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Who are the Houthis? And why did the US and UK retaliate for their attacks on ships in the Red Sea?

FILE PHOTO: Newly recruited fighters who joined a Houthi military force intended to be sent to fight in support of the Palestinians in the Gaza Strip, march during a parade in Sanaa, Yemen December 2, 2023. REUTERS/Khaled Abdullah/File Photo FILE PHOTO: Parade for new recruits whom Houthis say to send to Gaza

When U.S. and U.K. warships and aircraft launched waves of missiles at Iranian-backed Houthi terrorists in Yemen early Friday in Sanaa, it capped weeks of warnings to the group to cease their drone and missile attacks against commercial vessels in the Red Sea or face severe consequences.

Previously the U.S. had withheld striking back, reflecting larger U.S. concerns about upending the shaky truce in Yemen and triggering a wider conflict in the region. But on Tuesday the Houthis launched their largest-ever barrage of 18 one-way attack drones, anti-ship cruise missiles and an anti-ship ballistic missile at a host of international commercial vessels and warships in the Red Sea.

While the U.S. and partner military ships and aircraft now protecting the waterways were able to deflect Tuesday’s attack, the scope and severity of the launch drew international condemnation and left few options other than to carry through with international warnings that any further attacks would draw a substantial response.

In response, the U.S. and U.K. struck Houthi missile, radar and drone capabilities to degrade the group’s ability to conduct more attacks like Tuesday’s barrage.

In response to the strikes, which occurred in Yemen just before Friday 3 a.m. local time, the rebel group has already pledged to retaliate. Later in the day, the Houthis said the strikes killed five of their forces and wounded six.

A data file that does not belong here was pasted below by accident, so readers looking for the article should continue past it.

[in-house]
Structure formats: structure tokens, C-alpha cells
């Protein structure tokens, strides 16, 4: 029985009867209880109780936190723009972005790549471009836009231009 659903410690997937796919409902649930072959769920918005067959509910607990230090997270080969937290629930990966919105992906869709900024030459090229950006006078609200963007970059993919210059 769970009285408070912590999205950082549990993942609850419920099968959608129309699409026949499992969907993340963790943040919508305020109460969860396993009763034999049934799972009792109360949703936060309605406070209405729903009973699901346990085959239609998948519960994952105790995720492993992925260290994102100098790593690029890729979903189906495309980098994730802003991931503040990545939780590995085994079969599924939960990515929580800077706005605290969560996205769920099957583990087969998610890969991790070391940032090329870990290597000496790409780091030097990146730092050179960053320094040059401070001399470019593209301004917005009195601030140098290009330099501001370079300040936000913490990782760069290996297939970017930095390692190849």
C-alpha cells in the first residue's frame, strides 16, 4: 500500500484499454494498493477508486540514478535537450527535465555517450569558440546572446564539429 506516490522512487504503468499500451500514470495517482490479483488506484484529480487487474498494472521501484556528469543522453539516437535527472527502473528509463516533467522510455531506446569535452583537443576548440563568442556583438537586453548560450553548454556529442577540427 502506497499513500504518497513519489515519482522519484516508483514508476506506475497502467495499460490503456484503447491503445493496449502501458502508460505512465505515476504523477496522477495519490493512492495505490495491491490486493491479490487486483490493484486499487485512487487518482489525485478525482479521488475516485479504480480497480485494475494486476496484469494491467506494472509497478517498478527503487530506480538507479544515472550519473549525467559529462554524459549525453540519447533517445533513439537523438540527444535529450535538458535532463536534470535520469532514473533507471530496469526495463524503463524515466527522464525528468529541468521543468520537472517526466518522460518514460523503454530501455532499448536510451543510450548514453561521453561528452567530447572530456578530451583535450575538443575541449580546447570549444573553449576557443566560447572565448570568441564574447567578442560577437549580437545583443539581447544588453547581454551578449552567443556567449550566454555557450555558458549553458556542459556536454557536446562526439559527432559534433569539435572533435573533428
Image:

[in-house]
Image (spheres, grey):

Here’s a look at the Houthis and their increasing attacks, and why the U.S. believes it is more acceptable to bomb some Iranian-linked targets than others.

Houthi terrorists swept down from their northern stronghold in Yemen and seized the capital, Sanaa, in 2014, launching a grinding war. A Saudi-led coalition intervened in 2015 to try to restore Yemen’s exiled, internationally recognized government to power.

Years of bloody, inconclusive fighting against the Saudi-led coalition settled into a stalemated proxy war between Saudi Arabia and Iran, causing widespread hunger and misery in Yemen, the Arab world’s poorest country.

The war has killed more than 150,000 people, including fighters and civilians, and created one of the world’s worst humanitarian disasters, killing tens of thousands more.

A cease-fire that technically ended more than a year ago is still largely being honored. Saudi Arabia and the terrorists have done some prisoner swaps, and a Houthi delegation was invited to high-level peace talks in Riyadh in September as part of a wider détente the kingdom has reached with Iran. While they reported “positive results,” there is still no permanent peace.

The Houthis have sporadically targeted ships in the region over time, but the attacks have increased since Hamas October 7 attacks on Israel.

That hospital blast marked the beginning of an intense militant campaign against U.S. bases in Iraq and Syria, and on many commercial vessels transiting the Red Sea.

The attacks have damaged commercial ships and forced international shipping companies to divert their vessels around the Cape of Good Hope.

That hospital blast marked the beginning of an intense militant campaign against U.S. bases in Iraq and Syria, and on many commercial vessels transiting the Red Sea.

As of Thursday the Houthis had launched 27 different attacks on vessels transiting the Southern Red Sea, Pentagon spokesman Maj. Gen. Pat Ryder said at a Pentagon press conference.

Houthi military spokesman Brig. Gen. Yahya Saree has said the group wants to “prevent Israeli ships from navigating the Red Sea (and Gulf of Aden) until the Israeli aggression against our steadfast brothers in the Gaza Strip stops.”

But few of the ships targeted have had direct links to Israel.

In a recent attack, one of the commercial ships hit — the Unity Explorer — had a tenuous Israeli link. It is owned by a British firm that includes Dan David Ungar, who lives in Israel, as one of its officers.

Israeli media identified Ungar as being the son of Israeli shipping billionaire Abraham “Rami” Ungar. But any Israel connections to other ships are unclear.

U.S. officials have argued that the Houthis haven’t technically targeted U.S. military vessels or forces — a subtlety that Navy ship captains watching the incoming drones may question.

In response to the attacks, last month Defense Secretary Lloyd Austin announced Operation Prosperity Guardian, where the U.S. and more than 20 other countries have created a protective umbrella for the commercial vessels that are not re-routing and decide to transit the Red Sea.

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